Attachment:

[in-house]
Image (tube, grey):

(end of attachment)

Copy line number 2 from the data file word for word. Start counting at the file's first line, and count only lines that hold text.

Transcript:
Image (tube, grey):